Why should luxury brands collaborate with fast fashion retailers?

Last week, H&M launched its 11th designer collaboration with Balmain, a French haute couture house. This is not the first successful collection created with a luxury designer, as the chain had previously worked with Karl Lagerfeld in 2004. Since then H&M has worked with Versace, Roberto Cavalli, Stella McCartney, Alexander Wang, Marni and Isabel Marant .
The Swedish fashion house started a new trend called “masstige” (merger of two words: “mass market” and “prestige”), that allows all customers, who are usually young, to pay a reasonable price for designer clothes.
Unsurprisingly, the H&M and Balmain partnership was a knockout, perhaps even the most successful designer collaboration; on Instagram, indeed, there are around 80,000 posts tagged with the line’s official hashtag.

However H&M is not the only fashion brand that builds partnerships with luxury fashion houses. For instance, Target, the second-largest discount retailer in the United States that operates primarily across North America and offers a multitude of goods, started an interesting collaboration with Lilly Pulitzer this year. The collection was an affordable line of brightly printed women’s wear, children’s wear, home goods and matching makeup. The results were amazing. The collection was almost entirely sold out, in stores and online, within hours (even minutes in some locations). According to Target, it was one of the fastest-selling collaborations it has undertaken.
This kind of collaboration can be analyzed from two different points of view. For fast fashion retailers it’s a way to spread a very powerful image since they have the opportunity to sell clothes and/or accessories branded by famous stylists in their stores. It is also a key point of differentiation from other retailers and gives consumers a new reason to visit stores. At the same time, another important result is the increase of revenues and margins since materials used by low cost retailers are the same, despite the fact that the price is higher.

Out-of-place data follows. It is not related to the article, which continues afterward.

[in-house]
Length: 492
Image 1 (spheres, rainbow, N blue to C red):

From luxury brands’ point of view, there are opposite opinions. Of course, designers get more visibility and it’s a perfect occasion to extend their brand to new areas or to reach new customers, for example young ones, who will perhaps become important future clients. Collaborations with high street retailers also allows luxury brands to experiment with new categories of products in a less risky and less costly environment. Jimmy Choo was able to move from producing shoes into women’s clothing for H&M’collection. Moreover they could get significant financial remuneration (Karl Lagerfeld and Stella McCartney were paid $1 million for their H&M collections).
This kind of partnership can be a huge success, but it raises questions as well. A luxury product is a mix of quality, longevity, emotion, experience, so why should luxury brands attach their name to a product that doesn’t match these criteria? Is it a confusing message sent to consumers? And what happens if high street consumers have a bad experience with the new product?
As a consumer, what is your point of view?
To learn more:
Lilly Pulitzer for Target: They Came, They Waited, They Went Home Mad
Data Shows Balmain’s H&M Collaboration Will Make Resellers Plenty Of Cash
For and Against: Luxury Brand High Street Collaborations